1010 — Key findings and lessons learned from initial clinician experiences with VA electronic health record modernization
Lead/Presenter: Seppo Rinne,
All Authors: Rinne ST (VA Bedford Healthcare System), Brunner J (Center for the Study of Healthcare Innovation, Implementation and Policy; Los Angeles CA) Anderson E (Center for Healthcare Organization & Implementation Research, Bedford MA) Ball S (Cleveland VAMC, Cleveland OH) Cohen-Bearak A (Center for Healthcare Organization & Implementation Research, Bedford MA) Cutrona S (Center for Healthcare Organization & Implementation Research, Bedford MA) Helfrich C (Center of Innovation for Veteran Centered and Value Driven Care, Seattle WA) Kim B (Center for Healthcare Organization & Implementation Research, Bedford MA) Mohr DC (Center for Healthcare Organization & Implementation Research, Boston MA) Moldestad M (Center of Innovation for Veteran Centered and Value Driven Care, Seattle WA) Molloy-Paolillo B (Center for Healthcare Organization & Implementation Research, Bedford MA) Sayre G (Center of Innovation for Veteran Centered and Value Driven Care, Seattle WA)
Department of Veterans Affairs (VA) is beginning a time-consuming and arduous process of replacing the longstanding, home-grown electronic health record (EHR) (VistA/CPRS) with a new commercial EHR (Cerner) in a nationwide, rolling-wave transition that is expected to take ten years and cost more than $16 billion. EHR transitions are complex undertakings that affect multiple sociotechnical systems and disrupt existing practice norms. Most change management for EHR transitions are led by commercial systems and there is limited published literature on best practices. We evaluated frontline clinician experiences at the Mann Grandstaff VA Medical Center in Spokane, WA, the initial VA site to go live, with a goal of identifying key lessons that can improve the future VA EHR transition rollout.
We used longitudinal mixed methods during 9/2020 to 11/2021 to understand clinician experiences with the EHR transition. We focused on primary care and specialty care clinical teams that were comprised of 68 MGVAMC providers, nurses, and medical support assistants. We conducted semi-structured interviews before, during, and after go-live with 25 individuals, who contributed to a total of 91 interviews. We also conducted surveys approximately one month prior to go-live, two months after go-live, and approximately one year after go-live and consistently received 30-40% response rate across the three surveys. Across qualitative and quantitative data, we identified key findings that were summarized as lessons learned.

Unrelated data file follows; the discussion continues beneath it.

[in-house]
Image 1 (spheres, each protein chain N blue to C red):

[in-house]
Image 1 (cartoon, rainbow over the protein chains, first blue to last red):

The initial EHR transition was profoundly disruptive, impacting work satisfaction and burnout. Participants described major challenges across different stages of implementation, including with pre-implementation activities and EHR training, implementation and adaptation to new care delivery systems, and sustainment of the transition with product optimization and support systems. Respondents indicated that the transition created hazardous conditions that impacted patient safety. Many of these challenges persisted a year after go-live, with ongoing issues with the new EHR system and the change management process.
There are clear opportunities to improve the ongoing VA EHR transition. We worked with VA leadership to identify five change management recommendations: (1) Leadership and preparation for the EHR transition that provides adequate protected time and ensures a comprehensive review of employee roles; (2) Information exchange through clear communication channels to appropriately manage expectations about the EHR transition; (3) Training that offers opportunities for self-directed learning and continued optimization training; (4) Support systems that are readily accessible, reinforce peer networks, and provide clear feedback on the status of EHR issues; and (5) Continuous improvement efforts that expand evaluation and empower end users to help optimize change management.
We worked directly with VA leadership to establish specific recommendations to improve the new EHR rollout in VA, which may mitigate challenges during the EHR transition, decrease its impact on burnout and turnover, improve adaptation to the new EHR, and avert patient safety hazards.